Methamphetamine residue found in the wastewater of a Queensland city has multiplied five times since 2009, while the total number of users in Australia is greater than the population of Hobart.
“There has been ongoing debate about whether the number of methamphetamine users in Australia has increased significantly or whether it is a small percentage of the population using a lot more,” Professor Hall said.
“These studies when viewed together are consistent with there being exponential growth in the number of users.”
Professor Hall collaborated with UQ colleagues from The National Research Centre for Environmental Toxicology (Entox) to test wastewater in south-east Queensland.
More than 1000 samples were taken from a coastal metropolitan city and a major inland regional city between 2009 and 2015.
Consumption increased 4.8 times in the metropolitan area over the timeframe, and 3.4 times in the regional area.
“Over a similar period across Australia from 2009 to 2014, a concurrent study showed an upsurge of more than 170,000 regular users to a total of 270,000 users,” Professor Hall said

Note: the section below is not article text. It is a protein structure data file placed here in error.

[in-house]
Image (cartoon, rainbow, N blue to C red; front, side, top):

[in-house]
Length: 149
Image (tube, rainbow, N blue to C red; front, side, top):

“A regular user was defined as someone using at least once per month.
“The number of dependent methamphetamine users – those with impaired control over their usage – was estimated at 160,000.
“Highest usage rates were found among those aged 25-34, while the sharpest increase was in the 15-24 bracket.”
The study on national estimates was led by Professor Louisa Degenhardt from the National Drug and Alcohol Research Centre at the University of New South Wales.
A total of 270,000 users is greater than 2014 population figures for Hobart (219,243) and Townsville (178,649), and marginally less than the Wollongong region (289,236).
Both the wastewater study and the study on Australian usage estimates have been published by The Medical Journal of Australia.
Words: Rob Burgin